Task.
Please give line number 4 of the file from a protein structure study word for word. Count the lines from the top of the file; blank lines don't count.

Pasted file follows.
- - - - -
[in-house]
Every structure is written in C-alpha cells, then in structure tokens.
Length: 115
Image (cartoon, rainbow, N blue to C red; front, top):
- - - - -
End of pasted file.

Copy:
Image (cartoon, rainbow, N blue to C red; front, top):